The final creature, the Perchta, is a green hag with another name slapped onto her. LAME.
Editing and formatting are top-notch, I didn't notice any glitches. Layout adheres to the 2-column standard and each creature gets its own artwork. The pdf has no bookmarks. I did like two of the creatures and the stat-cards, but quite frankly, feel ripped off by this purchase - doing a paste-job on monsters is not something I'd personally do and while Cobbler Elf and Autumn King were mechanically cool and provided neat ideas, all the rest of the monsters are either boring or repackaged stuff, not giving enough credit to their mythology. They also don't feature any lore-section. Try as a I might, I can't bring myself to recommend this pdf in any way - if you want monsters, buy some other installment of Mythic Menagerie, they are all vastly superior to this one and any purchase of this pdf serves to support uncreative repackaging of content. Steer clear. My final verdict will be 1.5 stars, rounded down to 1.
In the interests of full disclosure, I did not purchase this product. I received it as a promotional item with the Super Genius Games November give-away. So, let's get to it, shall we?
Mythic Menagerie: Winter Ravagers is a jokey mini-Monster Manual focusing on holiday-themed creatures. This isn't inherently a poor idea, but the execution left much to be desired.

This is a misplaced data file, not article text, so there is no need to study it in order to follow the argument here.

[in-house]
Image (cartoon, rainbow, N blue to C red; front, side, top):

The Good: The art, by industry veteran Stan!, is cute in a cartoony sort of way. Which is exactly what the aim was, so kudos.
My favorite monster--in fact, the only monster I liked, was the grinj. Yes, the pun is obvious, but the stats are a clever way of taking into account Grinchy things (like phenomenal hearing and the ability to craft things quickly to aid in Christmas-stealing) and making them work in a D&D game. Change the name, and it would be wholly usable in a more serious venue.
There are tiny stat-cards and paper minis for each monster of the line. It's a nice feature, and one that I'm sorry wasn't continued in the rest of the line.
The Bad: Several of the monsters are creatures from the SRD with very slight changes made to them. The badalisc is a dark naga that's a magical beast rather than an aberration, the perchta is an unchanged-in-any-way green hag and the krampus, most insultingly, is a Medium yeti with a bite attack instead of a fear gaze. The krampus isn't like a yeti at all! Even the flavor-text yetifies the noble krampus, taking all of its interesting attributes (whipping, dragging children to Hell) and giving them to the Whip Father. Why bother statting up both?
Worse, these SRD cut-and-paste jobs don't even go through their changes all the way. The badalisc still has the HD, BAB and saves of an aberration, and the krampus bears a size penalty to its Armor Class!
The Nit-Picky: Although I appreciate the paper miniatures, perhaps it's not a good idea for them to be labeled. This is especially clear with the perchta, whose disguised human form is labeled as such. Spoilers!
Final Thoughts: I'm honestly a little insulted that a monster book with 8 monsters is in fact one with 5 original monsters and three that have been taken wholesale from another product with new flavor text. Just because a product is jokey doesn't mean it can't have some effort put into it.